4. Jaylen Warren is the best player on the Steelers’ offense
Is this a hot take at this point? The only player on Pittsburgh’s offense that has been able to consistently provide a spark at this point is Jaylen Warren. He rushed just nine times on Sunday, but amassed 129 rushing yards and a touchdown on those limited touches. His speed, quickness, and north-south running style are well-documented, but he’s also a very powerful running back despite standing at 5’8. For as consistent of a playmaker as Warren has been, the Steelers need to be giving him the ball more. He doesn’t need all the carries — Najee Harris is a good player in his own right and bell cow running backs are a thing of the past — but he definitely deserves a good bit more than nine. Jaylen Warren is playing like the best player on the Steelers’ offense right now, and his usage needs to reflect that.
5. Cam Heyward is still very good
The 34-year-old Cam Heyward recorded five tackles on Sunday, constantly clogging run lanes and proving he’s still one of the most important players on the Steelers’ defense. Whether it’s his run-stuffing ability or nonstop hustle, Heyward was the main reason why the Steelers’ defense was able to hold a strong Cleveland run game to under 100 yards. Heyward’s understudy, the rookie Keeanu Benton, is coming along nicely, but make no mistake — the Steelers will have a very tough time replacing Heyward’s presence on the defensive line once he finally hangs up his cleats.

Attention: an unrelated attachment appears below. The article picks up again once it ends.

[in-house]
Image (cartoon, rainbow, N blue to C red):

6. A surprisingly strong cornerback duo
You know who’s been playing really well over the past few weeks? Steelers cornerback Patrick Peterson. After a very rough start to the 2023 campaign, the veteran corner’s name has been called less and less in coverage, and he’s even made some splash plays. On the other side of the field, rookie Joey Porter Jr. has had his struggles with penalties and crafty route-runners like Amari Cooper, but he’s more often than not held his own. Of course, the Steelers didn’t exactly play one of the NFL’s stronger quarterback or wide receiver rooms on Sunday, but it was still a promising performance. With the Steelers’ safety room as painfully thin as it is right now, good cornerback play could not be more essential for success on defense for Pittsburgh.
7. Odds and ends
- The Steelers fielded a bunch of reserves Sunday on defense, from the likes of Mykal Walker at linebacker to Trenton Thompson at safety. Overall, the undermanned unit performed very well.
- It was another rough game from punter Pressley Harvin. The Steelers may have a franchise punter problem on their hands as well as a franchise quarterback one. At least this one seems like an easier fix.
- The Steelers cannot be starting Dan Moore Jr. at tackle next year.
- From a fairly clear safety that was never called to a Browns touchdown run that never clearly crossed the goal line, it was a rough day for the referees in Cleveland. And those are only a few of the puzzling calls that permeated the game.
- Only one sack from TJ Watt and the Steelers’ defense despite going against two back-up tackles. There’s more that matters than just sacks (their run defense was good), but you’d hope to see better numbers from a very talented (and expensive) pass-rush.
- I’m not sure if I’ve ever seen a team run screens as bad as the Steelers.
- Elandon Roberts had a really good game against the Browns. Hopefully it’s a trend that continues as the Steelers need all the help they can get in a very thin linebacker room.
- The Steelers’ above average run game seems to be here to stay. If they can have success running against Cleveland, they can run on anyone.
- If there was one thing to smile about in Pittsburgh’s dismal loss, it’s this Myles Garrett/Broderick Jones interaction involving a loose Steelers helmet. Jones wasn’t even on the Steelers when the first Garrett/Steelers helmet incident happened, but he had clearly watched the tape and was prepared.
In the words of Bill Belichick: “On to Cincinnati...”